Volvo's Long-Term Safety Commitment
Safety doesn't grab headlines the way other car features do. It isn't sexy. Publications focus on horsepower and torque, and track times, and occasionally, fuel economy and towing capacity get attention. But you'll rarely see the cover of a magazine with the headline, "Fresh Pics of the World's Safest Car." Yet safety is one of the most important aspects of a car, one Volvo continues to champion.
For a long time, the Swedish automaker has paid close attention to the safety of its cars, frequently conducting tests that are above and beyond what is legally mandated. There have been cases of Volvos that were designed, tested and went on sale before new safety regulations were enacted and still were able pass the tests once the standards took effect. Having the safest possible cars on the road is a core value of the company, and it has been since the beginning.
A legacy of safety
This is a company that has sent a safety team to investigate every accident in Sweden that involves a Volvo for the last 45 years. It was the first company to use a 3-point seat belt in its cars way back in 1959. (Lap belts had been optional in a few manufacturers' cars before then.) Volvo has been researching and developing child safety seats for more than 50 years, having developed the first rear-facing child seat prototype in 1964.
That dedication to safety continues to this day, with Volvo's investment in AstaZero, the first proving ground designed entirely to test safety in a controlled, real-world environment. Volvos continue to perform well in tests conducted by the Insurance Institute for Highway Safety and the National Highway Traffic Safety Administration. Volvo recently announced that four of its vehicles, the 2015 S60, V60, S80 and XC60, are on the list of IIHS Top Safety Pick+ cars. (The XC70 wasn't tested and there isn't a 2015 XC90, in anticipation of the all-new 2016 model.) Two 2015 Volvos were tested by NHTSA, and both did very well; the XC60 received five stars overall, five stars in a frontal and side crashes, and four stars in rollover, while the S60 earned five stars across the board.
The next model to go on sale will be the 2016 XC90. In addition to pre-crash protection in rear-end collisions, a new seat design to protect against whiplash injuries, next-generation Roll Stability Control, and three-row airbag curtains, it will also have run-off road protection and automatic braking at intersections. The automatic braking system kicks in if the person driving the Volvo is turning left in front of an oncoming car that's going faster than the Volvo driver expected. This system is designed to reduce the possibility of an accident in busy areas, and roads with higher speed limits.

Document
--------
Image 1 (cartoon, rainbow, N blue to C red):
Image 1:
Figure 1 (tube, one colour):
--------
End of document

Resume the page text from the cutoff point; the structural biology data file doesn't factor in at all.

Volvo has been doing extensive research into protecting passengers in the event that their car ends up going off the road. This could be due to fatigue or bad weather, or when avoiding an animal or another car. According to Volvo, half of all traffic fatalities in the United States are caused by crashes that happen when a car leaves the roadway. While this may be a pessimistic way of looking at driving, examining and anticipating what could happen is the best way to prepare for it.
Under these circumstances, the car moves in many different -- and sometimes random -- directions. That's why Volvo's system uses sensors, electronic belt tensioners and new seat tech with the goal of reducing injuries and fatalities. When equipped with this system, if a Volvo goes off the road, sensors cause the seat belts to tighten while the car is moving to make sure everyone on board is sitting in the right position. The seats' new design uses energy absorption within three pieces of carefully designed metal under the seat bottom. When the car lands, this design helps to reduce the severity of spine injuries. The vehicles are also available with technology like a Lane Keeping Aid; Driver Alert Control, which warns a driver if he/she is getting tired; and Rest Stop Guidance. These may help avoid going off the road in the first place.
Tests upon tests
Even though there aren't any specific government tests for this type of accident, Volvo has been doing its own evaluation of run off-road accidents. We watched one of these tests, in which a 2016 XC90 travelling at about 50 mph goes off the road. It hit a berm, went airborne, and ended up in a ditch. You can watch the test we witnessed right here.
Volvo has a campaign called Vision 2020. As Dr. Peter Mertens, Senior Vice President Research and Development of Volvo Car Group explains, "The new technologies will take us a significant step closer to our vision that no one will be killed or seriously injured in a new Volvo car by 2020. Our starting point on safety is the same today as it was when the company was created almost 90 years ago: real-life situations. We study data. We crunch numbers. We innovate. The result is one of the safest cars ever made." It is also the kind of technology may pave the way for driverless cars.